Along the lines of How do languages which have adjectives after the noun work with complex phrases? (my last question), I am wondering now more about compound English words and how to break these apart and somehow "reverse" the order of things (though not necessarily reverse, because I'm not 100% clear yet on what I want totally, still unclear to me so far).
Basically I am thinking of phrases like this:
- carefully planned meeting
- crazy beautiful
- insanely tricky puzzle
If I try and straight ahead "reverse" these, I first have to break them down into more atomic units. So first, before reversing, I do:
- care full [like] plan [past] meet [flow]
- crazy beauty full
- insane [like] trick [like] puzzle
Not perfect, but seems close enough. Then I try and go about reversing it (to make the adjectives trail after the head noun or element):
- flow meet past plan like full care
- full beauty crazy
- puzzle like trick like insane
It would be perceived sort of like this:
- [flow meet] [past plan] [like full care]
- [full beauty] crazy
- puzzle [like trick] [like insane]
To me, this doesn't make any sense, and feels really hard to grok. Is it just because it is unnatural to me? Or do languages do it like this? Or am I doing it wrong and real or constructed languages do it differently when they do the "adjectives last" approach? How exactly do they do it when these words like "beauty-full" are compound words which need to be split up, and somehow also rotated in the phrase?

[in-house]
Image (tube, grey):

How do you know what should feel natural? Meta-question, can I train myself to feel new ways of doing things are natural? The english way, where we have nested structures chained together like
[[a, b, c], [d, e, f]] just "feels right" for some reason, and I'm not sure it's purely based on my upbringing.
Another simpler example to demonstrate the point is,
-ed past tense. A word like "walked". Does it become
[past] walk or
walk [past]? Which part of English should be reversed and which shouldn't basically? I have been thinking about it in terms of a URL structure, how would I do that. Would it be one of these?
/past/walk, where it's first scoping you down to an abstract past, then to a more specific action (general -> specific)
/walk/past, where it's filtering the walk to a more specific walk, but really going specific -> general in terms of terminology.
I can't tell which one would be more appropriate, if the goal is to make a hierarchy of sort of "filtering" like this (a website even).